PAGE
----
While working on the forecastle of a vessel with 6000 GT, a seaman was electrocuted and consequently died.
A 110 m long multipurpose dry cargo ship was on the way to South Korea. It was a fair day; the wind came from the south with a force of 3 and near to calm seas. The crew was advised by the bosun to proceed with surface preparation at the wave breaker’s backside in order to protect it from corrosion. The work had already started a few days before but was interrupted during the port stays.
Four of the deck crew were removing rust at the wave breaker. One of them was using an electrical angle grinder which had been delivered together with other tools a month before. Suddenly, the vessel encountered swell and the four fellow seamen moved up closer in order to take shelter from the water. The AB holding the running grinder suffered an electric shock, fainted and fell down onto the main deck. The other three crew were also lightly electrocuted, but not being incapacitated hurried to render first aid. The fallen crewmember was found lifeless without breathing and was carried into the fore castle store. The crew made attempts at resuscitation and the captain was advised by phone by a doctor to monitor the vital functions of the heavily injured. There was no possibility to send a rescue helicopter and finally, after three hours, the captain decided to stop the reanimation.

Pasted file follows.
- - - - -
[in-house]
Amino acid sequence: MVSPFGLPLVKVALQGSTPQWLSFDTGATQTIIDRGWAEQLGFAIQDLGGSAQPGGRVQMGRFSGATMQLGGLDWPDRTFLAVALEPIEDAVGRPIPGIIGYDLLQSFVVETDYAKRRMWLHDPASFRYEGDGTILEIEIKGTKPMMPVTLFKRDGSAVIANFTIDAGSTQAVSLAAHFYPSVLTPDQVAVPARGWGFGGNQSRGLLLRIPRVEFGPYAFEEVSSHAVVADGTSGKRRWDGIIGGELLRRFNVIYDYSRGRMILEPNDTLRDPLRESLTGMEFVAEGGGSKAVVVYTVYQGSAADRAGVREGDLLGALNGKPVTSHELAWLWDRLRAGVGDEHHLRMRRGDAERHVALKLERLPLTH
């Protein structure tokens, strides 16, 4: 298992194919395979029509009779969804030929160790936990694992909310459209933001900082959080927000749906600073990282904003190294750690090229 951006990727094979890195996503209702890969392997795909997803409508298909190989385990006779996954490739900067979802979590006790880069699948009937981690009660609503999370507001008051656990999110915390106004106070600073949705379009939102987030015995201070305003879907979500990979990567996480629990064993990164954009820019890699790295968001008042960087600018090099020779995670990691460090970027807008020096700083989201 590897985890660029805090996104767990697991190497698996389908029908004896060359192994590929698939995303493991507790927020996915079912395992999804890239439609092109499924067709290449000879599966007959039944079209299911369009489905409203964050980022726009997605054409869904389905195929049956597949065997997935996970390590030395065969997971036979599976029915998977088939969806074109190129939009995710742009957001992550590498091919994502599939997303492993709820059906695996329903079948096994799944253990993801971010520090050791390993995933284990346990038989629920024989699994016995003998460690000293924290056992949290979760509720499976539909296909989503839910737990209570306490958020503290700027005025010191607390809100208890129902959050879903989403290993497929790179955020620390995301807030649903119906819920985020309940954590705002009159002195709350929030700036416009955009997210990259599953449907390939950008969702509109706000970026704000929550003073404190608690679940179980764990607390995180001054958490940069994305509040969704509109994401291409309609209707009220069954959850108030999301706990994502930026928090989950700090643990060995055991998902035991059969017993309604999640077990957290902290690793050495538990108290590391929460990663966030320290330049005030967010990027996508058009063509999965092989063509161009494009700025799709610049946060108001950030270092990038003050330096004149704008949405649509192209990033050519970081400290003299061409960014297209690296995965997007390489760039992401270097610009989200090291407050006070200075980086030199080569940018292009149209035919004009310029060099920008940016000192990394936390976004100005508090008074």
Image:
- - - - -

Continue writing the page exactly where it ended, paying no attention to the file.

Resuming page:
The ISM Code’s objective to provide safe practices in ship operation and a safe working environment could not be fulfilled.
No risk assessment was carried out for works on deck with electric power tools.
The shipboard manuals should be adjusted and amended in the area of deck work practice in regard to relevant risk assessments. Furthermore, permits for electrical power portable tools should be implemented .
The seafarer should gain perception for the ISM Code objective by introducing regular and adequate training programs.